Two weeks ago, when credit default swap spreads on US treasuries briefly breached 100 basis points, a worried Geneva-based private banker called into one of the better-known price makers to check on traded volumes. “My bosses are asking if we should start factoring default risk into our fair value measurements for government-issued and government-backed debt,” the private banker explained. But his quest for clarity actually led to more confusion and more uncertainty.
A spokesperson for the leading UK CDS quote provider explained that “figures on volumes transacted are confidential, you should be using our screens for indications only and the best way to get a firm price is to contact the major risk buyers whom I am not allowed to name on the record.”
This week, as CDS spreads for Berkshire Hathaway (BRK.A) and General Electric (GE) started to reach levels akin to junk, a director of a New York hedge fund holding hundreds of millions of dollars worth of investment grade bonds started to wonder if she should be disclosing the revised default probability scenario, implied by the CDS spreads, to her institutional investors: “We don’t want to create any panic but should we be informing our participants about what the CDS marketplace is telling us?”
What the CDS marketplace is telling us is that, an abundance of two-way quotes regardless, the number of entities capable of offering bond default coverage is extremely limited. An analysis of fundamental trends in the quote matrix tells us that, though the CDS marketplace by no means represents an efficient pricing environment, the recent widening of corporate and sovereign spreads at short notice does suggest a growing and broad lack of confidence in the longer-term debt servicing ability of issuers of reference instruments. Furthermore, as this writer has pointed out repeatedly, CDS spreads predicated on option-based computer models failed to take into account harsh global economic realities in previous months; and, for all practical purposes, even today’s CDS prices fall far short of adequately capturing default risks, domestically and internationally.
The development of credit default swaps as derivative instruments accurately reflecting default risks has been restricted by two formidable roadblocks: the failure of the rating agencies to respond to changing corporate and sovereign risk profiles on a timely basis, and the deterioration in the balance sheets of key CDS market-makers like American International Group (AIG), Citigroup (C), Credit Suisse (CS), JP Morgan Chase (JPM), Morgan Stanley (MS) and UBS AG (UBS). Both factors, embedded in CDS contractual documentation, have served to inhibit the maturity of the CDS derivative as the determinative vehicle to measure default risk probabilities.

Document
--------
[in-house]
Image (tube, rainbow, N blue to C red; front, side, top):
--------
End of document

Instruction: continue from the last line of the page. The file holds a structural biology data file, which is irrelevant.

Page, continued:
As the Geneva asset manager concluded after his phone conversation with the CDS quote provider and after his review of the latest CDS spreads on his Bloomberg terminal, “despite the low or sporadic volumes, despite the lack of transparency on the pricing fundamentals, the trend within the CDS matrix is telling me that the risk on my bond portfolio has risen substantially in recent weeks and that equities are generally headed lower.” Well, the nature of the relationship between CDS spreads and equity indices is still being debated; but heightening perceptions of bond default risks are indeed damaging the balance sheets (in real terms) of numerous mutual funds and hedge funds, if fair value measurement mechanisms are properly applied, particularly in the case of debt paper with limited or near-zero liquidity.
However, it is unlikely that any asset manager is incorporating CDS spreads in portfolio valuations just yet; on the contrary, many on Wall Street are now selling the notion that, since the CDS marketplace is “effectively controlled” by a few professional market-makers, default probabilities derived from such spreads are almost irrelevant. That is a dangerous stance to adopt; those asset managers who thought that they had found the most prudent (and profitable) answer to declining equity prices (by switching to supposedly lucrative yields in the corporate and sovereign debt sector) will have to confront their investors with the facts, sooner or later. Admittedly, the inferences to be drawn from the CDS marketplace must be conditioned by its inherent limitations. But there is no denying the direction bond default risk is taking.
For reasons relating to confidentiality of information, this writer is not listing the mutual funds and hedge funds which are currently contributing to the growth of yet another component of overall systemic risk. Investors are best advised to check their holdings and to ask their asset managers for specifics risk sheets at the earliest opportunity. That is exactly what the CDS marketplace is telling all of us to do today.
Stock position: None.